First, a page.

Monday, October 26, 2015

No More Wounded Bird

  What do you think of when you hear the word "dialysis"? Is it positive or negative? Do you see dialysis treatments as some horrible ordeal, and dialysis patients as people to be pitied? I've had several people tell me how sorry they are when they hear that I have end-stage renal failure and am on dialysis. It would almost be funny if it wasn't for the fact that they clearly don't understand what dialysis is or what it can do for someone like me. While there are probably a lot of dialysis patients who would say that dialysis IS a horrible ordeal, and that it's not worth the pain and the hassle, I have a different take.
  Let me start by painting you a picture of where I was just three months ago. Think about the things you do on a daily basis. All those small little things you do that you don't really think about. Getting dressed. Making a meal. Doing household chores. Looking after children or pets. Going out to do a few errands or grabbing a cup of coffee with a friend. They probably seem pretty trivial. But imagine taking 20 minutes to get dressed; not because you can't decide what to wear, but because it takes so much effort to just put on your clothes. That's why most days I would stay in my pajamas; it was just easier that way. If you have stairs in your house, you probably go up and down them many times a day without thinking twice. But imagine not being able to do two short flights of stairs because the effort leaves you huffing and puffing, and you need to stop halfway going both directions because your body is so overloaded with excess fluid that you can't breathe. Have you ever had a really bad, itchy rash or a huge mosquito bite that itches incessantly and you just can't find relief? Take that feeling and multiply it by 50, and then imagine feeling that all over your body. That's what it was like for me because of the high levels of phosphorous in my blood. Have you ever had days when you're so tired you can hardly keep your eyes open, or had a night when, no matter what you did, you just couldn't get to sleep? Imagine dealing with both of those conditions at the same time for days on end. Kidney failure causes both extreme fatigue and insomnia. So even on days when I was so tired I could drop in my tracks, I couldn't get the sleep I needed at night to help me feel better. Think of the time when you were so sick you wanted to die. And then imagine feeling like that every day, with no end in sight...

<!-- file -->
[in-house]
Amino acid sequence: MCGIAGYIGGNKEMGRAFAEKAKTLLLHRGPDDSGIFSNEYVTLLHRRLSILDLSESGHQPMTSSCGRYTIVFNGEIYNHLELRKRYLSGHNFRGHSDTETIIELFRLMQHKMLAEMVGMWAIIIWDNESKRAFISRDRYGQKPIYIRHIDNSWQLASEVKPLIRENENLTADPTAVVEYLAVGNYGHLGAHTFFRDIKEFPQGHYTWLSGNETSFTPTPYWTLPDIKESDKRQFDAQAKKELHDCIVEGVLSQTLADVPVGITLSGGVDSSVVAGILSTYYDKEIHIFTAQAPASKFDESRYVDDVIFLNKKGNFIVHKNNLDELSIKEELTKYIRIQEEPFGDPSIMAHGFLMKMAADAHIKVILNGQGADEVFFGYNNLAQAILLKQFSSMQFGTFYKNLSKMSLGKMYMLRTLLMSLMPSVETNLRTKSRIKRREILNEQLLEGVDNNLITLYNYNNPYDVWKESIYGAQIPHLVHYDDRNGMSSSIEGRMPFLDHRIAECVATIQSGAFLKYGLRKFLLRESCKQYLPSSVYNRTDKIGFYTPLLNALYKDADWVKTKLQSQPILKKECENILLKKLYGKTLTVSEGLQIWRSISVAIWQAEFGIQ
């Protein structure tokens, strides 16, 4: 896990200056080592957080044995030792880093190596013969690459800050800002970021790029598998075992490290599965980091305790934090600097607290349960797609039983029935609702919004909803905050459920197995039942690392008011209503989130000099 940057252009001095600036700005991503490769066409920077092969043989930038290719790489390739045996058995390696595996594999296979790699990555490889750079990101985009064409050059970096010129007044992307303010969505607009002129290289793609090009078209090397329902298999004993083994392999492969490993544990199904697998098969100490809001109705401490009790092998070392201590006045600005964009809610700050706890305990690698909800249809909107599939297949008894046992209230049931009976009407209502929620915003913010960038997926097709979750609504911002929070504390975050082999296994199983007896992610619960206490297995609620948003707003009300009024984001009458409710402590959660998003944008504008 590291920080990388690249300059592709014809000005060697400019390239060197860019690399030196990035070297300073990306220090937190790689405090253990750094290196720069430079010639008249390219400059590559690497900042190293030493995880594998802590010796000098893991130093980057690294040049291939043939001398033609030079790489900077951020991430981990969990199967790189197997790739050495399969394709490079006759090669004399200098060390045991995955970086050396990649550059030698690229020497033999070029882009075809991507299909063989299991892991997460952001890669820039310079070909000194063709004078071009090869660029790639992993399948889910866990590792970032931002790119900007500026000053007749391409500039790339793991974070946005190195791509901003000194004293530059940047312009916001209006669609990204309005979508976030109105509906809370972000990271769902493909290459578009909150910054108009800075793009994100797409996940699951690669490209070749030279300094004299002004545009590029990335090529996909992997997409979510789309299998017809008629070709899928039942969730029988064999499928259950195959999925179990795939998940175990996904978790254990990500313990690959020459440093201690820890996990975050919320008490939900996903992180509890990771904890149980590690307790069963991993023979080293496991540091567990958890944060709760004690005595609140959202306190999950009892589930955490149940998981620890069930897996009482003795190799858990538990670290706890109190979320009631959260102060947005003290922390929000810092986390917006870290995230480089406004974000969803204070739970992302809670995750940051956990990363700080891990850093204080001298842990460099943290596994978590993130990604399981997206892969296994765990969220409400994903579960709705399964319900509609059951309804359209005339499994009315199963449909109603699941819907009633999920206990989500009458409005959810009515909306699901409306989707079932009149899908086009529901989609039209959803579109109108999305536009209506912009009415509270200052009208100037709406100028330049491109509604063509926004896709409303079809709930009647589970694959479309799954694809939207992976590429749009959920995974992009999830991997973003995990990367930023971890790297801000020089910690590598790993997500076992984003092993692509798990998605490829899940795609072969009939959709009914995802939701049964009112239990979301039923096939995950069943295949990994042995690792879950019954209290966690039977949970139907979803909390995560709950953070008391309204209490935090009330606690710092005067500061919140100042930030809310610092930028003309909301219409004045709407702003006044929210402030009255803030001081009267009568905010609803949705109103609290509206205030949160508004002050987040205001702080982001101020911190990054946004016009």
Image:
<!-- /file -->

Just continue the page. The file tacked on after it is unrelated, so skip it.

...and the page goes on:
Kidney failure is brutal, and it sucks big time. But luckily for me and thousands of other people like me, there are treatments available that can help ease our suffering. Dialysis is one of those treatments. From a purely technical standpoint, dialysis takes the place of the non-functioning kidneys and filters the  waste materials and excess minerals and fluid from our bodies. The method in which this is done varies depending on whether you opt for peritoneal dialysis or hemodialysis.  But the end result is the same.
  But the feeling! There almost aren't words to describe how good I feel. I've spent a good portion of the last few years feeling like absolute crap. I've had some really dark days when I could totally understand why alcoholics drink or addicts do drugs to forget their pain. I would have done almost anything to forget, even if it was only for a little while, how terrible I felt. I battled with depression and anxiety but I was afraid to tell anyone beause of the labels that are associated with mental health issues. I struggled every day to just get through it. I was like a wonded bird, huddled in a cage, kept there by circumstances beyond my control.
  And now? This bird is healed and ready to fly! I feel like I've been set free to soar with the wind beneath my wings. A whole new world brimming with possibility has opened up before me, and I want to experience everything it has to offer. It's as if a new side of me has emerged, and kicked that other sick, miserable chick's butt to the curb. I feel strong, and confident, and I'm just so damn HAPPY! I've been doing so many things again that I couldn't before: cooking and creating and writitng and walking with the dogs and going out... I have more energy now than I've had in a really long time, and it feels amazing. I FEEL AMAZING! I want to laugh and dance and sing and shout and high-five everyone I see. Everything suddenly looks so much brighter, and I feel like I can see the light at the end of the tunnel again. Life just feels so amazingly GOOD right now.
  So don't feel sorry for me because I'm on dialysis. Dialysis has given me my life back. I'm ready to take on the world and kick its ass! I've spent so long feeling like crap that I've forgotten how it feels to feel good, but now I'm being reminded. And that is truly a wonderful feeling.

  Until next time,

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